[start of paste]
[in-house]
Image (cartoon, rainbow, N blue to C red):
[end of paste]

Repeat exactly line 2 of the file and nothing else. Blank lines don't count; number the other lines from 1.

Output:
Image (cartoon, rainbow, N blue to C red):